Whats my Business Worth? | Valuation Methods | OH IN KY

What’s My Business Worth? | An Inside Look at Business Valuations

Published on by Harold Kremer in Advisory, Consulting, Transaction Advisory

What’s My Business Worth? | An Inside Look at Business Valuations
  Reading time 5 minutes

When you’re buying a business or considering your exit options, understanding the entity’s true market value is essential and a business valuation is a key part of that understanding. A business’s value is based on several variables, including business size, market volatility, macroeconomic trends, and industry growth forecasts. In this post, we’ll take a look at situations where a business valuation is called for and the methods for conducting a valuation.

When do you need a business valuation?

Buying or selling a business is a common situation that calls for a business valuation, but there are others.


A business valuation can provide critical insight for obtaining a loan, securing new investments, or attracting more partners to the business. Business valuations can tell banks what it’s safe to lend. It can also help secure investment in a business – sophisticated investors are looking for opportunities to increase value and adequate data to make smart investment decisions, and a well-supported business valuation can build confidence with these potential investors.

Mergers and acquisitions

Mergers and acquisitions (M&A) refers to the combination of two businesses. Information obtained from public companies performing transactions and private equity firms buying and selling companies provides insight on reasonable transaction models.

Gift and estate tax planning

In gifting and estate planning, understanding the fair market value – the price at which an asset would change hands between a willing buyer and seller with reasonable knowledge of the facts – is crucial. The valuation is based on the information which could have been reasonably known on the valuation date. It’s important in the types of valuations to understand IRS requirements for documentation and IRS stance on discounts that can be applied to value.

Legal disputes

Shareholder compensation, settlements, or ownership disputes may require a valuation as well. If a contract is breached, a valuation can determine the level of financial harm that may have occurred. Intellectual property claims, such as trademarks or patents, may also need to be supplemented by a business valuation to quantify damages or fees.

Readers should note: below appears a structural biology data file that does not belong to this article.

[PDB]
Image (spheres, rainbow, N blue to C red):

Dividing marital assets may also require a business valuation – if the business is owned by one or both spouses, a valuation helps ensure proper asset distribution. Understanding family and related party transactions is important in analyzing a company for divorce purposes.

3 methods of business valuation

There are three approaches for determining a business’s value: the market, income, and cost approaches. Each approach evaluates factors differently, and the nature of the business and the reason for the valuation can determine which method is appropriate.

The market approach

The market approach involves analyzing the business and comparing it to other similar companies based on publicly available data. Ratios, such as the price-to-sales ratio or price-to-earnings ratio, are considered based on industry standards. Adjustments to ratios are sometimes required due to the differences in company size and consistency of reported data.

The income approach

If the business has a documented history of earnings and cash flow, the income approach can be used to estimate the present value on anticipated cash flows the entity is expected to generate in the future. This can be done by conducting a trend analysis, where historical growth patterns are extended to create future predictions. Your valuation professional may also choose to use industry data to help predict growth rates and reasonably expected profit margins.

The cost approach

Some businesses are more asset-intensive than others – construction companies, for example. Other businesses may be losing money currently or have reported inconsistent earnings or losses in the past. For these businesses, the cost approach may be the best option. This method places a value on the business based on what it would cost to replace the assets. The process starts with identifying all tangible assets: machinery, equipment, land, buildings, inventory, furniture, etc. Determining the current replacement costs should consider market prices, expected asset depreciation, location, and other relevant factors. Some intangible assets may also be factored into the valuation, including brand value, patents, or customer lists.

Next steps

Ready to know what your business is worth? Set up a free consultation with one of our certified business valuation pros. They can help you determine which method is right for your circumstance and guide you through the often complex business valuation process.


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